Maine: Another State Works on Better Obesity Care
This chick hasn’t hatched. But the conversation is encouraging. Yesterday, Maine State Senator Nate Libby presented a bill in committee to reduce obesity and chronic disease rates in Maine by providing better obesity care.
LD 1162: “An Act To Reduce the Incidence of Obesity and Chronic Disease in Maine”
Specifically, Libby’s bill would provide better access to evidence-based obesity care for participants in MaineCare, the state’s Medicaid program. It would open up the possibility for covering medical nutrition therapy by registered dietitians and for FDA-approved obesity treatment medications. Libby said:
This is a straightforward and fiscally sound policy for the state’s health insurance program. By making nutritional therapies and obesity treatment medications more affordable and accessible for people with MaineCare, we can help make people healthier, help them live longer, more productive lives and save money on treatments that they might have needed in the future for these preventable, chronic diseases.
Matija Burtis is Medical Director of Saint Mary’s Hospital’s Weight Management Program. On Friday, he spoke in favor of the bill:
We are limited in our ability to provide for our MaineCare patients, due to coverage restraints. Everyone in our state is deserving of evidenced based care, not just those with private insurance.
Also supporting the bill were the Maine Primary Care Association, the Maine Osteopathic Association, the Maine Hospital Association, the American Heart Association, the Maine Academy of Nutrition and Dietetics, and Victoria Weeks Rogers, the Associate Director of the American Academy of Pediatrics Institute for Healthy Childhood Weight and the Medical Director of the 5120 Let’s Go! Program. Rogers said:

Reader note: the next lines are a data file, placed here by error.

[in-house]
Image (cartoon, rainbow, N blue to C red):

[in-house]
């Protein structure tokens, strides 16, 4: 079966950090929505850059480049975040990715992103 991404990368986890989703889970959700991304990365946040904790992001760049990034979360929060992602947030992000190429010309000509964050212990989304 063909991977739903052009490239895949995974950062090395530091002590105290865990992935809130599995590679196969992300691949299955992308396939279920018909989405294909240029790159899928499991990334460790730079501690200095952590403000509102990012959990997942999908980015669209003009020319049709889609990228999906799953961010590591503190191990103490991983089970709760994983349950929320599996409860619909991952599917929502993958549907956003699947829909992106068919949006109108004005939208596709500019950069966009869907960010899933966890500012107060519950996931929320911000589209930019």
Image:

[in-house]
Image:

I think it is a major medical emergency in the state of Maine and nationally. I think you all know I work nationally on this issue.
“The state of Maine has carved out a peculiar place in American political life in recent years,” writes Evan Hughes in the New Yorker. The state is also blessed to have some smart people dedicated to good obesity care. It has not one, but two first-rate childhood obesity programs: the Way to Optimal Weight at EMMC and Countdown to a Healthy ME at Barbara Bush Children’s Hospital.
Maybe Maine will find a way forward. Obesity lies at the root of so many other chronic diseases. Healthcare costs for treating the complications of untreated obesity are spiraling out of control. Leaving obesity untreated while running up huge bills for its complications is insane.
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April 15, 2017